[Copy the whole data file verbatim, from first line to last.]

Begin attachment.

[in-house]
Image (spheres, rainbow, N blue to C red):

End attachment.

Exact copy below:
[in-house]
Image (spheres, rainbow, N blue to C red):